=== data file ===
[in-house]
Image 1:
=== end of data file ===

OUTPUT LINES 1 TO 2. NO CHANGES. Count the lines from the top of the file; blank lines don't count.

[in-house]
Image 1: